My big brother sent an email to me last week after the Cubs won.
It made my heart smile and it also reminded me that those of us who take time with kids, our own or others make memories that last for a very, very long time.
Make them magical.
Also, that power of story we preach at Brains on Fire, it’s real.
From my brother:
This morning on Mike & Mike the conversation has centered on last night’s World Series game 7. One of the questions has been: “Is this the greatest baseball game ever?” A lot of reasons have been given to make the claim, teams evenly matched, neither had won for so many years (decades even!), etc. They compared it to the Braves-Twins double shutout and even had John Smoltz as a guest.
But my thoughts went back to an October day in 1960. I had walked home from school, I was in 4th grade, and I noticed my Dad’s car was in the driveway. It was probably after 3:00pm and very unusual for my Dad to be home on a weekday afternoon at that time. He was a workaholic his entire life. He never even took sick days that I can remember. So seeing his car in the driveway made me nervous.
I was surprised to find him in our little den watching a baseball game on TV. (World Series games were still played in the daytime then, for those not born yet). He told me to sit down and watch with him. He set the scene. The Yankees had scored in the top of the ninth to tie the game and the Pirates were coming to bat. I only remember it being a couple of pitches until Bill Mazeroski hit his famous home run that won the game, and the Series, for the Pirates. My Dad stood up and said, “you have just seen the greatest game in baseball history.” I remember him saying that this game would be talked about “50 years from now”. (I specifically remember the phrase “50 years from now” because I think that was the first time I tried to imagine that far in the future. To a 4th grader, Christmas is long way off! But that thought didn’t last long.) And then he went back to work.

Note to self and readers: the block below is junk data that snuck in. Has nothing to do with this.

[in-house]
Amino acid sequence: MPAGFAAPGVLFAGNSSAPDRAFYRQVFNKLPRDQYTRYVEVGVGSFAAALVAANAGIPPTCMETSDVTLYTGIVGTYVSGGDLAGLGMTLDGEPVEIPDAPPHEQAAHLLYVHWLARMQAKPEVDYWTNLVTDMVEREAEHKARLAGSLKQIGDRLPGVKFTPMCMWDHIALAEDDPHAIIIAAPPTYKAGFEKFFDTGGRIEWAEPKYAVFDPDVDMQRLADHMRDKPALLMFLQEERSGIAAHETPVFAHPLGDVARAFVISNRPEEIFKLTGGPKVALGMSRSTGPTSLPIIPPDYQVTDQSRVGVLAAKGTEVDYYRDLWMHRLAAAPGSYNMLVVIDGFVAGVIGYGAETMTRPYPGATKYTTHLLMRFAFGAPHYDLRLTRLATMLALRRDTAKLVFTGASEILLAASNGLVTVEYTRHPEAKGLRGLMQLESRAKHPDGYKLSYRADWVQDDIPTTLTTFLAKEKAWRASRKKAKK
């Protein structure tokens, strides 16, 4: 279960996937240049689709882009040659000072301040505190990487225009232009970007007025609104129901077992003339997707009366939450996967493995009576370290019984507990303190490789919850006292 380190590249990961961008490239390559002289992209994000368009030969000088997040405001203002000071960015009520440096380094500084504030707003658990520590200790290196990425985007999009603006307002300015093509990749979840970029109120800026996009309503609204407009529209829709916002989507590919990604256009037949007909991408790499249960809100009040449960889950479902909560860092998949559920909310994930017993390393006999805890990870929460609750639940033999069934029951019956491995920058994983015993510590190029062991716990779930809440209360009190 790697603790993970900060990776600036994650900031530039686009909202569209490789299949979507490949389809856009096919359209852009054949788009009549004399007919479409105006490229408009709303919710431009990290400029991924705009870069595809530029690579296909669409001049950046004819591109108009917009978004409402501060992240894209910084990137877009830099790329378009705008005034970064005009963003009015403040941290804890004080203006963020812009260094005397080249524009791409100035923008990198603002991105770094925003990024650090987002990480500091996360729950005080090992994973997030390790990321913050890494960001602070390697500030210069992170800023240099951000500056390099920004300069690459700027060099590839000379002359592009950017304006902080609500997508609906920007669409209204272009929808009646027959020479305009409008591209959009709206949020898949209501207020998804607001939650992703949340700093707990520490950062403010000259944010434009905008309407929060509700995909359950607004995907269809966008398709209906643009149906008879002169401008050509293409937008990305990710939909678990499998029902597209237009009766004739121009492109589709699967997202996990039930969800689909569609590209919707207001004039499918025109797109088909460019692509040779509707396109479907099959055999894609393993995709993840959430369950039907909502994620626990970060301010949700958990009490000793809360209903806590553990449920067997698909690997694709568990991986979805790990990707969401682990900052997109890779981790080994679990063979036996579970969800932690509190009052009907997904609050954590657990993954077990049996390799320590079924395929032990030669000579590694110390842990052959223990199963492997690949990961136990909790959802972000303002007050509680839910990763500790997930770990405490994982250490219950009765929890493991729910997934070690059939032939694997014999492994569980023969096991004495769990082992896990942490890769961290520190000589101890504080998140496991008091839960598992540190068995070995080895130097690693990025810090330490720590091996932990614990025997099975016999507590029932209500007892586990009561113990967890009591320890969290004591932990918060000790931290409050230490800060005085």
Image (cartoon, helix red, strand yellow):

So thanks to the Indians and the Cubs for a great game and a great Series. Thanks for making me forget about Donald and Hillary for a little while. But thanks mostly for reminding me of that warm day in October in 1960, and the greatest baseball game ever played, and a moment with my father.
The truth about story is this: We can see ourselves in a story. Stories transport us and connect us.
And yeah, I thought we could all use a distraction today.